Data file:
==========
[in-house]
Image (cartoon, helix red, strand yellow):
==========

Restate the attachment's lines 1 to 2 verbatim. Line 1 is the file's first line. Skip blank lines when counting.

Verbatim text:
[in-house]
Image (cartoon, helix red, strand yellow):